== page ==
President Barack Obama took a big step toward initiating airstrikes in Syria over the weekend, authorizing surveillance flights over the country, according to the New York Times. But moving forward with additional military action is going to be a bit of a balancing act.
On the one side is the Islamic State, the potential target of any strikes. On the other is Syrian President Bashar Assad. IS and Syrian forces fight each other, and the U.S. would prefer neither hold too much sway in the region.
So, the question facing Obama: How can U.S. forces strike IS without strengthening Assad?
The Obama administration has been calling for Assad to step down for three years now. He has offered to help the U.S. and others fight IS, which would happily overrun the country if given the chance. But the atrocities his regime has committed over the course of Syria's civil war make working with him directly a foreign policy nonstarter, at least for the time being.
IS operates across parts of both Iraq and Syria, meaning any strikes in the latter country would likely target sites close to the border to avoid aiding Assad, the New York Times reports. And that's if the strikes come at all — right now, only drones and spy planes are flying over Syrian territory.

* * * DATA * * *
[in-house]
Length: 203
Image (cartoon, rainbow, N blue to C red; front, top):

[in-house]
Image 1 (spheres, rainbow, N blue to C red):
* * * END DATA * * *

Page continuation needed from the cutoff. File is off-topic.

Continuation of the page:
Obama national security adviser Benjamin Rhodes told the Times that the situation was not a case of "the enemy of my enemy is my friend." More moderate rebels are also fighting Assad while opposing IS, and joining forces with the former to defeat the latter might completely alienate them.
That being said, avoiding strikes altogether would allow the group that has kidnapped and killed Americans to continue fighting unfettered. "I am no apologist for the Assad regime," Ryan Crocker, a former U.S. ambassador to Syria, told NPR. "They are a brutal bunch of bastards, without question. But in terms of our security, ISIS is by far the largest threat."
Obama previously ordered airstrikes against IS in Iraq, where the group controls part of the country's northern region. The strikes came as IS fighters threatened Kurdish-controlled cities as well as Mount Sinjar, where Yazidi refugees had holed up in fear of being captured or killed.
The strikes helped Iraqi and Kurdish forces regain control of part of the country. In retaliation, IS killed American journalist James Foley and threatened more executions if the U.S. continues military action.